Boyd Holbrook as Klaber manages to stay in the film to the climax. But he is a one-dimensional villain. Lacking any empathy, Klaber appears, does some nasty things, and then is portrayed as a bungling henchman. He is the one we want to boo when he appears but once again, there is almost nothing here for Holbrook to work with. He too is a throwaway character, only appearing to say or do something evil and then go back into the shadows. Both he and Shaunette Renee Wilson deserve better.
ANTONIO BANDERAS & TOBY JONES
Antonio Banderas, and Toby Jones all have the task of being in an Indiana Jones film in what are little more than extended cameos. Toby Jones’ character of Basil Shaw sets up the film and its premise but he comes across as a bungling sidekick, similar to Denham Elliott’s turn as Marcus Brody in The Last Crusade. A character that by rights should be a strong one comes across as little more than a lucky idiot. But he does have a part to play that sets the film up nicely.
It appears that Renaldo, portrayed by Antonio Banderas and a longtime friend of Indy, has a relatively small part in the film. The role seems underdeveloped and could have been performed by any actor. It’s possible that the inclusion of Banderas was simply to enhance his Hollywood credentials with an Indiana Jones movie credit.
John Rhys-Davies makes his third appearance as Sallah in the film. Sadly, it is a token cameo from the veteran Welsh Actor. Don’t get me wrong, it is delightful to see him make a final appearance in the franchise. We also get to discover how Sallah arrives in America. And we get a wonderful throwback to the original Raiders near the end (Listen out for it.) But again, it feels as if Sallah has been thrown into the mix without much thought. And with his appearance partway through the film and again at the climax, it feels as if he is there to draw in the audience instead of having a big part to play in the proceedings.
James Mangold is behind the camera this time, replacing Steven Spielberg who steps down to an executive producer credit. To be honest and fair to Mangold, he does a bang-up job directing the action. You can’t really tell that it isn’t Spielberg wielding the megaphone unless someone told you. Mangold manages to frame the shots, direct the action, and deliver a film that looks the part with ease. James Mangold is a superb director and he is on top form here. It is such a shame that the material he has to work with isn’t up to his high standards. If it was, he could have delivered a film that MAY have given Raiders or at the very least Last Crusade a run for their money. Instead, he delivers a film that looks good but feels empty.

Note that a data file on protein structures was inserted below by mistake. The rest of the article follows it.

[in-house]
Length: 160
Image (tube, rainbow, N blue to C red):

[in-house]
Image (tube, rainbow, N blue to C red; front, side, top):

The legendary John Williams is back one final time to compose the score for the film. Now, I love John Williams and his music. He is in the top two of the best film composers of all time. So it is sad to report that his score for the film feels safe and ordinary. Yes, we get the blast of the classic Raiders March throughout. But some of his new music for the film just doesn’t seem fitting for some reason. The opening thirty minutes contains enough of his famous cues to fill an entirely different movie.
Without listening to the score album itself, I can’t tell if some of the music has been directly lifted from Last Crusade or has been re-scored for the film. Yes, the classic cues are there, which bring a smile to our faces. Rather than being inspirational, those movies bring us back to what has already passed, and to better films. While the motifs bring us back to classic Indy, it also makes us pine for those good old days when an Indiana Jones movie thrilled us.
We were left disappointed by our hero’s departure, which didn’t meet our high expectations. Everyone had imagined a thrilling and grand exit as he rode off into the sunset after his final adventure. While there were some enjoyable moments throughout the movie, the references to previous films only served as a reminder that we would rather be watching those instead.
Fortunately, Indy’s conclusion is fitting and ends in the best way possible. No spoilers but fans will appreciate the final cameo. The reenactment of a famous scene is well-executed and stands out as a highlight. Unfortunately, the rest of the movie falls short.
ONE FINAL INSULT FOR FANS
One final insult for all Indy fans is the end credits. The film saves the credits for the end of the film, which doesn’t fit with the rest of the franchise. But we expect the Raiders March to see the film out with a sound-thumping final blast. At the start of the credits, we hear the march being played, slowly building up to its peak. And then, we get new music onwards until the credits have finished rolling. They even took that final blast away from Indy.
It makes the fans leave the theatre with a hollow feeling, along with a feeling of being cheated. Despite Harrison Ford handing in his fedora in a great performance, we find ourselves wanting the Dial Of Destiny for ourselves, so we can rewind back to the good old days. This isn’t the finale Indy deserves. It’s Raiders Of The Last Dollar. And not in a good way.
Walt Disney Studios is releasing the highly anticipated film “Indiana Jones And The Dial Of Destiny” on Thursday in the UK and on Friday in the USA. But thanks to Disney Plus, Indy fans won’t have to wait to get their fix. All four of the classic Indy adventures are available to stream on the platform now. So the hunt for fortune and glory continues!
But which classic adventure will you be streaming first? Sound off in the comments below.
Carl Roberts is the News Editor for The Future of the Force. Aside from being our horror genre aficionado, he is also passionate about Star Wars, Marvel, DC, and the Indiana Jones movies. Follow him on Twitter where he uses the force frequently!